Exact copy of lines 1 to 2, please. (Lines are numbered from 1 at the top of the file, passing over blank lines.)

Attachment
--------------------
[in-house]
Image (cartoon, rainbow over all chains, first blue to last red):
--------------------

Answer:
[in-house]
Image (cartoon, rainbow over all chains, first blue to last red):